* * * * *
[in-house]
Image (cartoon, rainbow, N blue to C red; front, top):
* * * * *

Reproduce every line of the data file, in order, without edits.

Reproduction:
[in-house]
Image (cartoon, rainbow, N blue to C red; front, top):